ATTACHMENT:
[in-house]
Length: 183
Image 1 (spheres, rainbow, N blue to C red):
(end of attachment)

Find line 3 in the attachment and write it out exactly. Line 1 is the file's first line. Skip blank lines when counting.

Image 1 (spheres, rainbow, N blue to C red):